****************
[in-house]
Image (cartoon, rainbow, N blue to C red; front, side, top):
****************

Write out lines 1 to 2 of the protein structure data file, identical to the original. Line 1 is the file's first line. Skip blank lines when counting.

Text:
[in-house]
Image (cartoon, rainbow, N blue to C red; front, side, top):